Ohio communities that have tried self-inspection programs for fire inspections, have differing conclusions about their program's success, reports cleveland.com.
Sandusky tried a self-inspection program in 2006 for small businesses several years ago, but eventually abandoned the program. That city has returned to sending fire department inspectors to do the work.
Bay Village Fire Chief Chris Lyons is proposing a self-inspection program after the city eliminated funding last year for a full-time fire prevention and safety officer. Lyons pointed out that other communities have adopted self-inspection programs, naming Sandusky as one of them.
Under Sandusky's program, the fire department continued inspecting "high-hazard facilities," including schools and industrial plants. Low-hazard businesses, including barber shops and doctors' offices, were allowed to perform self-inspections.
Similar to Bay Village's proposal, the fire department provided businesses with a check-off sheet on which they were to document that fire code requirements were being met. The businesses then submitted the forms to the fire department.
At first, the department thought the program was going well. Just about all the businesses allowed to use the self-inspection program were submitting the proper forms by the second year, Fire Marshal Rudy Ruiz said.
The problems surfaced during the fourth year of the program, when Sandusky fire inspectors followed up with in-person inspections.
"What we found was, they weren't really as compliant as they said they were," he said.
For example, businesses were supposed to have fire extinguishers serviced annually.
"When we would go back to do the physical inspection, we would realize they hadn't updated their extinguishers for a year, or maybe even two," he said. "They were saying, yes, we have extinguishers, but they weren't being serviced on a regular, annual basis. That was in violation of the code."
Another problem involved servicing emergency and exit lights. Fire inspectors found some lights were not functioning properly. Batteries for emergency backup power were not being changed, he said.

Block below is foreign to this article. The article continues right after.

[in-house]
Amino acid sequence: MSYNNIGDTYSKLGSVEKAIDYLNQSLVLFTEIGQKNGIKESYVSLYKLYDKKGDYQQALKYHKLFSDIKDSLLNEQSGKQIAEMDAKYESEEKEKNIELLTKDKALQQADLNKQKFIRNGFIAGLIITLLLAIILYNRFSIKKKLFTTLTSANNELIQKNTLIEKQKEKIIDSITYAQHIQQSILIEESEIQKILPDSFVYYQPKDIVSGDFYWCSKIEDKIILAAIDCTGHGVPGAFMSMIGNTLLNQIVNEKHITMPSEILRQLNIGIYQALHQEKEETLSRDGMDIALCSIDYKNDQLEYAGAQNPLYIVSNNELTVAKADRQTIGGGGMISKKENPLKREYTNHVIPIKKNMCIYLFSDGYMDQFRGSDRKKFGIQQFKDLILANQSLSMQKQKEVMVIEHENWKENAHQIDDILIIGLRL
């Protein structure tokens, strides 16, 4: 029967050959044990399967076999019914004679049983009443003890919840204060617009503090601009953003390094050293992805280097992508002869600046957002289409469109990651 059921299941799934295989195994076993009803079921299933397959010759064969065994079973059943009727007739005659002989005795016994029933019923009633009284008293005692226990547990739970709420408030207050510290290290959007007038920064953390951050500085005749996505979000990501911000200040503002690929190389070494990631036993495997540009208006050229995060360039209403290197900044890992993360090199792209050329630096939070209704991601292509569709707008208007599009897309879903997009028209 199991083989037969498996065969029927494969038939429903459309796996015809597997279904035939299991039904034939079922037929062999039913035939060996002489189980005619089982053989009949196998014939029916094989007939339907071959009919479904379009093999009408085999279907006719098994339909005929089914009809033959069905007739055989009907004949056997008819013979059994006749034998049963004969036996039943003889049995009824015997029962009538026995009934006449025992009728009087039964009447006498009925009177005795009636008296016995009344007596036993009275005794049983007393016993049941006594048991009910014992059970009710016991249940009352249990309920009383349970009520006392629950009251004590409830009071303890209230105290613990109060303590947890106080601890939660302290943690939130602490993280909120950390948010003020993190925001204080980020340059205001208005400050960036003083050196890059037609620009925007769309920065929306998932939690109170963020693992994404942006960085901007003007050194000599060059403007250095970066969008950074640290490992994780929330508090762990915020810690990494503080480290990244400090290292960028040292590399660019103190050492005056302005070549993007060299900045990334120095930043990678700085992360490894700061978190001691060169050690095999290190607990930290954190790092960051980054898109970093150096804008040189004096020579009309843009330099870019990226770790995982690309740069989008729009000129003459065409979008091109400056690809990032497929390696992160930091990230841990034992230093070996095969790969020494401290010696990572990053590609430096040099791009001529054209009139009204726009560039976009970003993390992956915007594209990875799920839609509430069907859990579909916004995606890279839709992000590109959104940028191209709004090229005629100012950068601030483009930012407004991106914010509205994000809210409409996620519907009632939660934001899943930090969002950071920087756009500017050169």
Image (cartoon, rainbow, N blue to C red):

"It didn't take that many for us to say, we're going to need to scrap this whole program," Ruiz said. "We did away with the program several years ago because of that."
However, he said the program at first appeared to work and was recognized by the State Fire Marshal's Office as an innovative program.
"It's just there were some bad apples that ruined it for everybody," he said. "Does that mean that it's not ever going to work anywhere? Not necessarily. It's just the experience we had with it."
The Sandusky Fire Department has resumed inspecting smaller businesses and provided its inspectors with iPads or electronic devices to reduce the amount of time inspections take. The change improved efficiency by about 25 percent, he said.
Colorado Springs (CO) also has tried a self-inspection program and is happy with the results.
However, it is a city significantly different in terms of demographics than Bay Village, and its program also is different. Colorado Springs covers an area of more than 186 square miles and has a population of more than 416,000. The fire department has six inspectors to look at existing buildings and three to conduct new building inspections. It performs 4,000 to 5,000 inspections annually, said city Fire Marshal Brett Lacey.
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